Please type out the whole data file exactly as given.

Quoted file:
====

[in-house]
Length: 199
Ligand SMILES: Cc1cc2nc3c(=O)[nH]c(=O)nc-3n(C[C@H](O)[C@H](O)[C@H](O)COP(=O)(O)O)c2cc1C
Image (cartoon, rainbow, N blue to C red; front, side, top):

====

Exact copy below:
[in-house]
Length: 199
Ligand SMILES: Cc1cc2nc3c(=O)[nH]c(=O)nc-3n(C[C@H](O)[C@H](O)[C@H](O)COP(=O)(O)O)c2cc1C
Image (cartoon, rainbow, N blue to C red; front, side, top):